The U.S. Food and Drug Administration (FDA) has approved Amgen‘s Riabni (rituximab-arrx), a biosimilar to Rituxan (rituximab), to treat adults with granulomatosis with polyangiitis (GPA) and microscopic polyangiitis (MPA), the two most common subtypes of ANCA-associated vasculitis.
The FDA also approved Riabni to treat two blood cancers, non-Hodgkin’s lymphoma and chronic lymphocytic leukemia. The company plans to make the therapy available in the U.S. before the close of January.
Riabni is now the third biosimilar to Rituxan to be approved in the U.S. for the treatment of ANCA vasculitis in combination with glucocorticoids, and the blood cancers, after Truxima (rituximab-abbs; marketed by Teva) and Ruxience (rituximab-pvvr, marketed by Pfizer).
“The approval of Riabni represents an important milestone across our biosimilar and oncology portfolios,” Murdo Gordon, executive vice president of global commercial operations at Amgen, said in a press release.
Rituxan (marketed by Genentech and Biogen) was approved in the U.S. for the treatment of GPA and MPA in 2011. It is designed to target the CD20 protein at the surface of immune B-cells and lymphoma cells, tagging them for destruction.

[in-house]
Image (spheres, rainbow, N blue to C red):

While effective, the therapy can be expensive — carrying a list price of about $1,000 for a 10 milliliter vial. When the medicine’s patent expired, other companies started producing similar medications (called biosimilars in biological medicines), often sold at lower prices.
Riabni will carry a list price of $716.80 for 100 mg and $3,584.00 for 500 mg single-dose vial, which is 23.7% lower than the list price of Rituxan, and 15.2% lower than that of Truxima, Amgen reported in its release.
The FDA’s approval of Riabni was based on comparative analytical, non-clinical, and clinical data demonstrating that the new product is highly similar to its reference product, Rituxan.
These data included results from the JASMINE Phase 3 study (NCT02747043), which compared the effectiveness and safety of Riabni and Rituxan in adults with follicular B-cell non-Hodgkin’s lymphoma and low tumor burden.
Its 256 patients who were randomly assigned to either Riabni or Rituxan (375 mg/m2), given intravenously (into-the-vein) once a week for four weeks, followed by treatment at weeks 12 and 20.
The study’s primary goal, overall response rate by week 28, did not show clinically meaningful differences between the two antibodies. Other trial measures also demonstrated similar safety and therapeutic activity.
“Riabni reaffirms Amgen’s long-term commitment to providing high quality biosimilars that can potentially offer more affordable, effective treatment options for cancer and other serious diseases,” Gordon said.
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